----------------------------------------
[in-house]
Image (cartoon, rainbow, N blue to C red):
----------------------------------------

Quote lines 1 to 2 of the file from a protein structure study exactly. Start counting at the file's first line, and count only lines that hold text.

[in-house]
Image (cartoon, rainbow, N blue to C red):